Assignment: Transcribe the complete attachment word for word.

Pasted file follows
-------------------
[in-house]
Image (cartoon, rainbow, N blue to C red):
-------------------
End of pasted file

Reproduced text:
[in-house]
Image (cartoon, rainbow, N blue to C red):